WASHINGTON (AP) — The Latest on a judge’s ruling that the man who tried to assassinate President Ronald Reagan, John Hinckley Jr., can live full-time outside a mental hospital (all times local):
The foundation honoring President Ronald Reagan’s legacy says it “strongly opposes” the release of John Hinckley Jr. from the psychiatric hospital where he’s been confined for more than 35 years.
Hinckley shot Reagan and three others, including presidential press secretary James Brady, in 1981. He was found not guilty by reason of insanity. A judge ruled Wednesday that Hinckley is no longer a danger and can live full-time with his mother in Virginia.
The Ronald Reagan Presidential Foundation and Institute issued a statement Wednesday that read, in part, “Contrary to the judge’s decision, we believe John Hinckley is still a threat to others and we strongly oppose his release.”
Republican presidential nominee Donald Trump also called it a “mistake” to release Hinckley, whom he misidentified as “David Hinckley.”
The man who tried to assassinate President Ronald Reagan will continue to live under a number of restrictions when he leaves a Washington mental hospital next month.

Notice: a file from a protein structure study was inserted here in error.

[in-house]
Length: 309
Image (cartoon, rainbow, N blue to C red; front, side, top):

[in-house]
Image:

Judge Paul Friedman ruled Wednesday that John Hinckley Jr. will have to attend individual and group therapy sessions and is barred from talking to the media. He can drive, but there are restrictions on how far he can travel. The Secret Service also periodically follows him.
Hinckley will be required return to Washington once a month for doctors to check on his mental state and his compliance with the conditions of his leave. He’ll also be barred from trying to contact surviving victims and their families, along with actress Jodie Foster, whom he was trying to impress when he shot the president.
A judge says the man who attempted to assassinate President Ronald Reagan will be allowed to leave a Washington mental hospital and live full-time in Virginia.
Judge Paul Friedman ruled Wednesday that John Hinckley Jr. is ready to live in the community. Friedman’s ruling comes more than 35 years after the March 30, 1981, shooting outside a Washington hotel in which Reagan and three others were injured.
Doctors have said for years that the now 61-year-old Hinckley, who was found not guilty by reason of insanity in the shooting, is no longer plagued by the mental illness that drove him to shoot Reagan.
For more than a year he’s been allowed to spend 17 days a month at his mother’s Virginia home. He will now live there full-time.